Ground Up

Max Kirillov
Fri, 1 Mar 2002 03:10:29 +0600


I'm far not an expert in Haskell, but I'll venture to say
"I'm in". I'm not an CS student and I have never been (I
learned Solid State Physics). I became there in about 6
months without paying a cent.  Well, I paid for dialup. I
also spent a lot of time. My wife should hate Haskell.

I would recommend you not to be confined by Haskell. Take a
look at Lisp, ML. First, it helps to get into concepts
rather than into details of syntax parsing of high-order
polymorphism. I began learning FP with Erlang, and I think
it helped me.

Further, Haskell, though _very_ nice, is probably not "the
best choice" for a "pragmatic programming". It is too alive.
Different compilers are not 100% compatible each to other,
and even different versions of the same compilers may be
incompatible. You should be ready either to stick yourself
and your co-wokers to a certain version of the compiler or
to spend some significal time to keep you programs working
with any compiler.

Maybe you will find that it's better to use Ocaml or
Scheme. Thay have own neats, and seem to be more stable.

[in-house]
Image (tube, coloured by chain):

On Thu, Feb 28, 2002 at 09:41:10PM +0800, Jerry, JiJie wrote:
> Good day everyone, I'm a haskell newbie trying to seeking advice to
> advance myself.
> My backgrounds are:
> * As a non-CS student, I have absolutely no knowledge of lambda calculus
> * And unfortunately I have to make painful decision on spending $30
>   on a book or three days' meal
> While my goals are:
> * Become a pragmatic haskell programmer in the shortest time
> * At the minimal expense
> What I have done for the past few weeks were:
> * I read almost all the free educational sources at, 
> * Subscribed to this mailing list and try to digest every mail
> * Read most of the "The Haskell School of Expression" (by Paul
>   Hudak) and the non-theoretical chapters of the "An Introduction To
>   Functional Programming Systems Using Haskell" (by AJT Davie), which
>   are the only two introductory level haskell related books in our
>   library
> However, my problems are:
> * I still don't understand most of the codes I found, like the various
>   haskell libraries
> * I still have no clue of most (ok, almost all) of what is being
>   discussed in this mailing list
> So I'm eager to know if there are cost-effective ways to achieve my
> goals or at least leverage myself from the beginner's level. 
> Your advice would be greatly appreciated!
> Regards,
> Jerry
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